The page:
U.S. Electrical Code Adoptions (2020 Update) New year, New Code Cycle

US Electrical Code Adoption Map, 2020 Update
Reading Time: 17 minutes

The NFPA Standards Council issued the 2020 version of the National Electrical Code® (NEC®) in August 2019. In January 2020, states may begin the process of deciding whether to adopt the new NEC-2020 or another edition of the Code. Massachusetts, which historically has been the first state to adopt the latest NEC near the beginning of the Code cycle year, is poised to adopt the 2020 NEC in January. Other states and local jurisdictions are adopting older, existing versions of the NEC. California, for example, begins enforcement of the NEC-2017 in January 2020.

IAEI News is debuting a new column starting in January 2020 called Code Watch. In this column, we are presenting code adoptions across the United States and elsewhere. While this article simply can’t cover every single jurisdiction (that would be a book), we want to give a forum where both local and state/provincial jurisdictions can announce the enforcement of new electrical codes.

First, Understanding the Lingo

In Canada, most of it not all of the regional provinces adopt the latest version of the Canadian Electrical Code. In the United States, every state has its own practices with regards to adoption, enforcement, and so forth. Thankfully, the terms and enforcement procedures are relatively consistent across the board. Here are a few to help you get started. Just be careful to double-check with your local jurisdiction to find out exactly what rules you need to follow.

Code Cycle. The NEC is revised every three years; this three-year period is called the NEC Code Cycle. The term also applies to local jurisdictions as to when they adopt and begin enforcement of a specific code. It does not always follow the NEC Code Cycle period. For example, Colorado adopted the NEC-2017 in July 2017 and most likely will adopt the NEC-2020 in July 2020. They traditionally have a three-year code cycle, just with varying dates. The simplest way to look at it is that the code cycle is the time between the adoption of one version of the NEC and another.

Statewide adoption. The NEC is enforced across all local jurisdictions within the state. Some jurisdictions may elect to adopt local amendments.

Hybrid adoption. Often this term refers to when a state department adopts the NEC for state-owned buildings, unincorporated areas, or even licensing. Local jurisdictions can adopt and enforce a different version of the NEC. Sometimes this term gets mixed up with statewide adoption, as in the state adopts a minimum code, but local jurisdictions can adopt more stringent codes.

Local adoption. The state does not adopt any version of the NEC and leaves adoption up to local jurisdictions. Sometimes individual departments within a state may adopt a code just for use within that department, but local jurisdictions can adopt whatever code they want. There is no regulation at the state level.

Amendments. Amendments are additional requirements or changes to the adopted Code that often take into consideration local conditions, additional safety requirements, historical purposes, etc. For example, adopted amendments in Denver may consider the altitude and the climate versus local amendments in Los Angeles that may consider earthquake-prone areas and its unique climate.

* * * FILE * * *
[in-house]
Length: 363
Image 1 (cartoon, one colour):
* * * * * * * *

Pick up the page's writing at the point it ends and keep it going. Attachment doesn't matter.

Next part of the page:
Tentative Interim Amendments (TIA). TIAs are amendments to the NEC that were not published at the time of the first or second draft. They are only active between editions of a Code and are usually brought up before the code panels before the adoption of the next NEC. For example, when the 2017 NEC was approved in August 2016, TIAs may crop up between this code and the creation of the 2020 Code that cover issues within the Code.

Figure 1. U.S. NEC Adoption by Edition. Statewide includes states that enforce the adoption of the code across all jurisdictions. All includes state enforce statewide, have a hybrid adoption, or leave adoptions up to local jurisdictions but do have state-level departments that adopt a version of the Code. [Three states have two adopted codes, which are reflected in the numbers.]
Figure 1. U.S. NEC Adoption by Edition. Statewide includes states that enforce the adoption of the code across all jurisdictions. All includes state enforce statewide, have a hybrid adoption, or leave adoptions up to local jurisdictions but do have state-level departments that adopt a version of the Code. [Three states have two adopted codes, which are reflected in the numbers.]
Figure 1. NEC Adoption by Type. Statewide adoptions require all jurisdictions to adopt the state code. Hybrid states usually allow some flexibility with local jurisdictions or are for areas without an official jurisdiction. Local states allow local jurisdictions to adopt their own code and do not require adoption or enforcement at the state level.
Figure 2. NEC Adoption by Type. Statewide adoptions require all jurisdictions to adopt the state code. Hybrid states usually allow some flexibility with local jurisdictions or are for areas without an official jurisdiction. Local states allow local jurisdictions to adopt their own code and do not require adoption or enforcement at the state level.

Ready to discover what states are up to as of January 2020? Let’s get started.

Alabama

NEC-2014

Effective:  July 1, 2016

Enforcement:  Hybrid

Agency:  State of Alabama Building Commission

Alabama Energy & Residential Codes Board

P O Box 301150

Montgomery, Al 36130-1150

(334) 242-4082

https://bc.alabama.gov/

Quick Fact: Alabama does not have a statewide standard, as the adopted code only applies to state buildings, schools, hotels, and motion picture studios. Here are a few of the local jurisdictional adoptions:

  • County of Shelby — NEC-2017
  • City of Montgomery — NEC-2017
  • City of Birmingham — NEC-2014
  • City of Mobile — NEC-2014
  • City of Tuscaloosa — NEC-2014
  • City of Hoover — NEC-2014
  • City of Dothan — NEC-2014
  • County of Madison — NEC-2002

Alaska

NEC-2017

Effective:  May 9, 2018

Enforcement:  Statewide